balance between the ideal and the practical striving toward the ideal. At itsbest,this attempt to transcend time and to unite with the timeless is like theefforts of an artist who turns reality into static art. Finally,the knights giveup their attempt to reach the visionary:“Slowly the shapes of searching menand horses / Escaped him as he dreamt on that high bed”(21–22).Wilbur associates Merlin’s retreat to his dream with the decline of a civi-lization,the fall of Arthur’s kingdom,and the end of history. In tears,Arthurtells Gawen that “
[o]nce haled a sword fromstone
”(33) and is “
now no less strong
cannot dream of such a thingto do
”(34). However,the accomplishments of Camelot are commemorated inlegends and are bequeathed to succeeding generations. The quests of theknights of the Round Table may have come to an end,but their achievementshave been wrought into art,a medieval tapestry:“Their mail grew quainter asthey clopped along. / The sky became a still and woven blue”(35–36).—ISABELLA WAI,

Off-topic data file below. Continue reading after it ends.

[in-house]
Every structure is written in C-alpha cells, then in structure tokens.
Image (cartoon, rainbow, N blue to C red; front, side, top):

1.In the November 12,2003,letter to Isabella Wai,Wilbur wrote:“I think I chose to spellGawain’s name ‘Gawen,’because I was used to that pronunciation from my studies in MiddleEnglish at Harvard,and didn’t want the reader to hear the name as ga-WAYNE.”
Laurel Poetry Series. New York:Dell,1959. 7–39.———. “Merlin Enthralled.”
New and Collected Poems
. San Diego:Harcourt,1988. 245–46.Zimmer,Heinrich.
The King and the Corpse:Tales of the Soul’s Conquest of Evil
.Ed. JosephCampbell. New York:Pantheon Books,1948.
O’Connor’s GOOD COUNTRY PEOPLE
Flannery O’Connor’s Southern landscapes are populated by freaks,misfits,shrewd con artists,murderers,and sometimes just plain ordinary country peo-ple. All her characters are flawed in some way—most are spiritually andmorally corrupt. However,the greatest flaws can often be found in those char-acters with physical impairments; bodily handicaps symbolize the greaterhandicaps of the intellect,the heart,or the soul. In O’Connor’s tales,the blindcannot recognize the most obvious intellectual truths,and those who are phys-ically crippled are often emotionally or spiritually crippled. In FlanneryO’Connor’s “Good Country People,”Joy-Hulga’s physical afflictions—her